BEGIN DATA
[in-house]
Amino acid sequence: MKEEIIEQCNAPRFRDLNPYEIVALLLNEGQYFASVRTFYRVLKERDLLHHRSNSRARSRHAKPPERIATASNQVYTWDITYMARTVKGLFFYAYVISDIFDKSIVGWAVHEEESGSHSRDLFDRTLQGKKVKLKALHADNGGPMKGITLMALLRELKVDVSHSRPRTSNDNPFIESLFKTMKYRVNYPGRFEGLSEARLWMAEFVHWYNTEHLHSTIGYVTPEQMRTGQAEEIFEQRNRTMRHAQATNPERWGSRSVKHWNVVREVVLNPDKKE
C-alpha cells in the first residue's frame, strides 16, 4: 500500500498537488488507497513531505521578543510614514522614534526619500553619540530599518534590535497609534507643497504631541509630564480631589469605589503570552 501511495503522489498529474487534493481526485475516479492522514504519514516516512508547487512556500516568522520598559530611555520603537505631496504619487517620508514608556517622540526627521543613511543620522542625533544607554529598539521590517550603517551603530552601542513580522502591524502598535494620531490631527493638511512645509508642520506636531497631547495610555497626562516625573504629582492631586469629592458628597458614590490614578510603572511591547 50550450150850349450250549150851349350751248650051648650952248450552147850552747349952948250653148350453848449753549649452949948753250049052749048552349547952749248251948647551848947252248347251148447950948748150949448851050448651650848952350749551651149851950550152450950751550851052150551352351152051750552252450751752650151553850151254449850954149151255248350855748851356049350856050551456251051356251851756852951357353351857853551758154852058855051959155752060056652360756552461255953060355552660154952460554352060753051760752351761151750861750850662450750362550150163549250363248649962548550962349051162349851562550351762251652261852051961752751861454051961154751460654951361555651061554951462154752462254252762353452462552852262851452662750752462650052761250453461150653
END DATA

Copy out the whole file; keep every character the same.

[in-house]
Amino acid sequence: MKEEIIEQCNAPRFRDLNPYEIVALLLNEGQYFASVRTFYRVLKERDLLHHRSNSRARSRHAKPPERIATASNQVYTWDITYMARTVKGLFFYAYVISDIFDKSIVGWAVHEEESGSHSRDLFDRTLQGKKVKLKALHADNGGPMKGITLMALLRELKVDVSHSRPRTSNDNPFIESLFKTMKYRVNYPGRFEGLSEARLWMAEFVHWYNTEHLHSTIGYVTPEQMRTGQAEEIFEQRNRTMRHAQATNPERWGSRSVKHWNVVREVVLNPDKKE
C-alpha cells in the first residue's frame, strides 16, 4: 500500500498537488488507497513531505521578543510614514522614534526619500553619540530599518534590535497609534507643497504631541509630564480631589469605589503570552 501511495503522489498529474487534493481526485475516479492522514504519514516516512508547487512556500516568522520598559530611555520603537505631496504619487517620508514608556517622540526627521543613511543620522542625533544607554529598539521590517550603517551603530552601542513580522502591524502598535494620531490631527493638511512645509508642520506636531497631547495610555497626562516625573504629582492631586469629592458628597458614590490614578510603572511591547 50550450150850349450250549150851349350751248650051648650952248450552147850552747349952948250653148350453848449753549649452949948753250049052749048552349547952749248251948647551848947252248347251148447950948748150949448851050448651650848952350749551651149851950550152450950751550851052150551352351152051750552252450751752650151553850151254449850954149151255248350855748851356049350856050551456251051356251851756852951357353351857853551758154852058855051959155752060056652360756552461255953060355552660154952460554352060753051760752351761151750861750850662450750362550150163549250363248649962548550962349051162349851562550351762251652261852051961752751861454051961154751460654951361555651061554951462154752462254252762353452462552852262851452662750752462650052761250453461150653